Workplace retirement plan sponsors can help by outlining the pros and cons of member options, while nudging them to seek assistance from a financial adviser.

Workplace savings, government pensions and various private sources of retirement income should all mesh. That approach builds sustainable retirement income.

Earlier in this series on decumulation, we looked at how to combine retirement plans for predictable income, and rethinking retirement income planning in light of changes to Old Age Security (OAS). Now we’ll dig deeper into private retirement income products. How do these non-workplace retirement plans or non-government sources address retirement risk and readiness?

When plan members reach out to Gary Poulin, a Quebec-based retirement consultant1 at Sun Life, they need direction. They often lack a clear idea of how to shift from savings to income mode, and how to map out their income. “The typical conversation is ‘I’m retiring, what are my options?’” Mr. Poulin says.

His first follow-ups are about mindset. Do plan members prefer a lifetime guarantee of fixed income for peace of mind? Do they want the flexibility to change their income level as needed.

Defined-benefit pension plans provide a set monthly income for life. That makes decisions a little easier. However, these retirement vehicles are no longer the norm.

Members increasingly have defined-contribution plans, a group Registered Retirement Savings Plan (RRSP), or a mixture of plans that may also include a group Tax-Free Savings Account (TFSA).

People might also have their own RRSPs or Locked-In Retirement Accounts (LIRAs) from previous employment. Their partners might also have retirement assets to factor in.

“The big challenge for a lot of retiring members is they don’t always understand the distinctions between their sources of savings,” says Eric Monteiro, senior vice-president of group retirement services at Sun Life. “Compounding the challenge is that each income-producing account has its own advantages and limitations.”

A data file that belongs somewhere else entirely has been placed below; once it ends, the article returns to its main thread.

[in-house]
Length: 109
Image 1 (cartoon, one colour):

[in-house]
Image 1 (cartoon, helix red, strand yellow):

Managing private sources of retirement income is complicated because of the number there may be to juggle and the rules surrounding each account. The upside? These members have choices. With assistance from a plan sponsor and a retirement consultant, they can find the right mix of assets to build a retirement income to meet their needs. 

“That’s why it’s so important to speak with our retirement consultants—a service offered for all plan members,” Monteiro says. “Sun Life’s retirement consultants are accredited, salaried and specialized in decumulation options. Their goal is to help identify the needs of plan members and to recommend the most suitable options at Sun Life for income based on their unique situation."

Putting the pieces together

Retirement consultants can help with tax efficiency. The goal is to ensure that annual income from private sources and government monies, such as the Canada Pension Plan (CPP), is managed to avoid clawbacks to benefits such as OAS.

Assistance can also involve elements of estate planning and considering the assets to provide beneficiaries. But the heart of the planning process involves decisions around how workplace pensions might fit with other assets.

For example, individuals might be able to keep their assets in a plan post-retirement. That allows growth while relying on other assets. Or they may opt to convert their pension plan to a Life Income Fund (LIF). Additionally, they could convert all or a portion of their plan to a Registered Retirement Income Fund (RRIF) or RRSP.